You’re pooped and you can’t wait to go to sleep…your head hits the pillow. Suddenly, you’re wide awake. But the next day, you’re in a fog and feeling tired. Perhaps it’s your Sleep Hygiene.
Sleep Hygiene, according to The National Sleep Foundation (NSF), are “the practices and habits necessary for a good night’s sleep and alertness during the day” and stresses its importance for both physical and mental health, improved productivity and overall quality of life. Inadequate sleep can cause depression, memory problems, irritability and falls. The NSF says the most important sleep hygiene practice is sleeping the right amount of time. But older adults often find sleep elusive even though seven to nine hours of ZZZs per night are optimal.
Sleep patterns—or sleep architecture—can change as we age. The NSF explains that we may have a harder time falling or staying asleep and, consequently, feel sluggish during the day. These changes in sleep patterns chip away at the total hours of sleep time. Sleep occurs in cycles that consist of multiple stages of either light or deep, dreamless sleep and occasional periods of active dreaming called REM sleep. Total sleep time remains constant, and the sleep cycle is repeated several times during sleep. The difference for older adults is that we stay in the lighter stages of sleep more than in deep sleep.
Many older adults are dissatisfied with their sleep, because
- it takes longer for them to fall asleep (sleep latency),
- there’s an overall decline in REM sleep; and
- there’s an increase in sleep fragmentation (waking up during the night). There are many reasons for changes in sleep as one ages, from less physical exercise to taking medicines that cause sleeplessness.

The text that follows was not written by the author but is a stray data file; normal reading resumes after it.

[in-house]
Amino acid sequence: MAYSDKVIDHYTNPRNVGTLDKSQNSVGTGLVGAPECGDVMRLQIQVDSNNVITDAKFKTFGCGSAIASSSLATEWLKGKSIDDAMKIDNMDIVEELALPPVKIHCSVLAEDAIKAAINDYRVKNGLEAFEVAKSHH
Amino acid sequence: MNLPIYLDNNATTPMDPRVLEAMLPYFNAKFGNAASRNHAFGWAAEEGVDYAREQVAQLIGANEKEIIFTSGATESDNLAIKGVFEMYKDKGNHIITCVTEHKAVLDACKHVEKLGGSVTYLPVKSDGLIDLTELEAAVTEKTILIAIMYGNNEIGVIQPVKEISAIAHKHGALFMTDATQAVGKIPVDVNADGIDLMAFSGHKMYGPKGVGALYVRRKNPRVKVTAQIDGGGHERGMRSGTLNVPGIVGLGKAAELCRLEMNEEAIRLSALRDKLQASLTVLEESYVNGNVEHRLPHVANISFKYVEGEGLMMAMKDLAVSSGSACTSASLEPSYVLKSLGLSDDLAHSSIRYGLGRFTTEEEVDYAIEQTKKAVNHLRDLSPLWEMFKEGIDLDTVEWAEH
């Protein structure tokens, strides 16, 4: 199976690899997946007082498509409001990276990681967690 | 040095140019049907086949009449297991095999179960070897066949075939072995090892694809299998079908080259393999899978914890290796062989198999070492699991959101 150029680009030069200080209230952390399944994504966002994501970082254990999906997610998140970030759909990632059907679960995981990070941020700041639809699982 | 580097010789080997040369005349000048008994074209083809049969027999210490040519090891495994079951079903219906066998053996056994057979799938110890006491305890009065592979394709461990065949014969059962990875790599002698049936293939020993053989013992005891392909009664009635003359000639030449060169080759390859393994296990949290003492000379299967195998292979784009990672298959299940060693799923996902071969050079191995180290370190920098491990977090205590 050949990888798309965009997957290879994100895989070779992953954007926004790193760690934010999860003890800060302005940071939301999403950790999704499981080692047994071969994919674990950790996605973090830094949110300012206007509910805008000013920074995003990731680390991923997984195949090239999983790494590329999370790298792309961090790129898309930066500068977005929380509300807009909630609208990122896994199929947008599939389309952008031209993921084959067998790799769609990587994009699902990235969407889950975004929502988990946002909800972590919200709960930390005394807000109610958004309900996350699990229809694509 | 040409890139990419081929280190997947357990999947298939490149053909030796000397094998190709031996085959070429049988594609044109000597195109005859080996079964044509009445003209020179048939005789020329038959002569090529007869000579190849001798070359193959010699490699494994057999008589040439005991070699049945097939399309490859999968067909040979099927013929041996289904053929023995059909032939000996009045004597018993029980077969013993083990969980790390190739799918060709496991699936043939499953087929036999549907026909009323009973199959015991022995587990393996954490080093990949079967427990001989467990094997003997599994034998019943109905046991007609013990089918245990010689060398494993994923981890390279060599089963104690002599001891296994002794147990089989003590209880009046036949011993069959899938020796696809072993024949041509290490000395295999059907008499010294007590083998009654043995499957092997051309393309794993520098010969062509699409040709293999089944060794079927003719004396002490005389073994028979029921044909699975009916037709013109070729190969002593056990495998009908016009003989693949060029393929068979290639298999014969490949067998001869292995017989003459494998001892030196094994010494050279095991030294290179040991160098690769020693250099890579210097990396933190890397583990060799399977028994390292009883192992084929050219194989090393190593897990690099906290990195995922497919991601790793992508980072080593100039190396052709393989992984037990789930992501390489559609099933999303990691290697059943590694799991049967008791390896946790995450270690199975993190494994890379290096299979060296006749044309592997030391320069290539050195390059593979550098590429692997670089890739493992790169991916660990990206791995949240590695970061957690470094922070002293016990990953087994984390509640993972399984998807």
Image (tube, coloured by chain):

A factor affecting sleep are the changes in circadian rhythms that coordinate the timing of our bodily functions. As we age, we tend to get up earlier and go to sleep earlier. That’s why so many restaurants have created “Early Bird Specials” with dinner starting at 4 pm! Though not clearly understood, researchers think this syndrome may have to do with light exposure.
Conditions and Disorders that Interfere with Sleep
People with poor health or medical conditions also tend to have more sleep problems. Medical conditions such as diabetes, asthma, immune disorders and renal failure are all associated with sleep problems. Parkinson’s disease and multiple sclerosis also cause problems sleeping. Gastroesophageal reflux disease (GERD) is another common cause of sleep problems.
Insomnia is a condition in which you have trouble falling asleep and staying asleep. It is the most common sleep problem in adults age 60 and older. Symptoms of insomnia include: Taking a long time to fall asleep; waking up many times in the night; waking up early and being unable to get back to sleep; waking up tired; and feeling very sleepy during the day. Often, being unable to sleep becomes a habit and can last a long time.